The incumbent in the Liberty Lake City Council race, Cristella Kaminskas, said her two terms give her important experience to make good policy for the growing city.
But her opponents in the Aug. 6 primary say its time for change and say its not appropriate for her to serve on the same City Council as her father.
Kaminskas, who goes by Cris, has served on the City Council since she was appointed in 2010.
“There’s just going to be so many exciting things going on here in the next four years that I want to be part of it,” Kaminskas said. “I think it’s important to keep the experience and background knowledge on the council.”
Kaminskas serves on the council with her father, Robert Moore, who was appointed in 2014. Moore also is running for re-election this year.
“When the council seat became available, Cris and the other council peopleappointed Bob,” said Mayor Steve Peterson, who has not publicly endorsed a candidate in the race. “You can’t separate the family and council stuff no matter how much you try to do that.”
Kaminskas said she and her father don’t talk city business at inappropriate times.
But one of her opponents in the Aug. 6 primary, Tom Stanley, said the presence of a father and daughter on the council was one thing that motivated him to run.
“I don’t think you should have two family members on the council so I’m going to do something about it,” Stanley said.
There needs to be turnover, said Stanley, who supports enacting term limts for City Council members.
“I just think there should be availability for other people to serve,” Stanley said.
Kaminskas said she has “mixed feelings” about term limits because “experience and knowledge” are important on the council. However, term limits “make it easier to get rid of ineffective people.”
She said many people who challenge incumbents don’t understand the job.
“It’s disappointing that people feel they can just come in and get going the first day,” she said.
If elected, Kaminskas said she would not run for a fourth term.
The third member of the position 7 race, Jeanette Nall, also has raised ethical concerns about Kaminskas.
Nall ran for City Council in 2017 and lost by 3% to longtime council member Odin Langford. This race is really about the same issues, Nall said.
Nall received the support of Peterson in 2017 but was met with opposition by other City Council members, including her now opponent Kaminskas.
Nall alleges that four of the five City Council members violated open meeting laws by meeting to write and sign a campaign letter in favor of Langford and against her.
The letter was in response to Nall alleging that there was too much infighting among City Council members and the mayor.
“In our individual capacities as residents of Liberty Lake, we out rightly reject this notion that in-fighting and internal tension between the Council is preventing us from working together or moving the people’s business in a most cost-efficient and professional manner,” the 2017 letter reads.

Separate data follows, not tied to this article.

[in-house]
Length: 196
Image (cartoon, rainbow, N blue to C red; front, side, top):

Kaminskas, her father Moore, Langford and 2019 mayoral candidate Shane Brickner all signed the letter.
No official complaints alleging violations of the Open Meeting Act were filed in regard to the letter, Kaminskas said.
Kaminskas and Nall further clashed on a Liberty Lake community discussion Facebook page about the 2017 election.
“I saw some dark sides of personalities last time I was running,” Nall said. “It was shady, and it was against the law.”
Nall tried to withdraw from the 2019 race on May 20, 13 minutes after the deadline to withdraw, according to the Spokane County Election’s Office. The withdrawal was not accepted. However, Nall has not filed campaign fund-raising paperwork with the Public Disclosure Commission.
Documents were due to the commission at the end of May. Candidates can incur fines if they file late and larger penalties if they do not file at all.
Nall said she planned to drop out if another eligible candidate entered the race, but since she missed the deadline to drop out, she said she is committing to pursuing the office.
“Liberty Lake, as it is, is a pretty phenomenal community,” Nall said, adding, “There are other options than the way things are.”
Since being incorporated in 2001 the city’s population has doubled to more than 11,000 residents. That growth has led the City Council to create public spaces, work with the state on the Henry Road highway overpass and guide both business and residential development.
Many people move to Liberty Lake from out of state or Western Washington because it’s a small town and they don’t want that to change, Nall said, but growth is inevitable.
This growth that is happening now already was planned when the city got its start, Nall said.
Measured growth should be the goal, Stanley said.
“I don’t think we should be really concerned with growing really big,” Stanley said. “A lot of people move to Liberty Lake because they like it small.”
Stanley said he has heard from citizens that they don’t like big apartment buildings, and he agrees.
Limiting the growth of apartment buildings is important, Stanley said.
In recent years, the City Council has turned down multiple proposals for apartment complexes.
They just were not in the right location, Kaminskas said. By the Growth Management Act, it is mandated the city has certain housing densities, she said.
“We need different kinds of housing, and I totally support that,” Kaminskas said.
If a proposal meets the current development codes, “we can’t say no,” she said.
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